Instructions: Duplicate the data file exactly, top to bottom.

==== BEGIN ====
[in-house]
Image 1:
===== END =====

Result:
[in-house]
Image 1: